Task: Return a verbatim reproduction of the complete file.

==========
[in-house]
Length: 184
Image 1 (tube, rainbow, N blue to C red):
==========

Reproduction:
[in-house]
Length: 184
Image 1 (tube, rainbow, N blue to C red):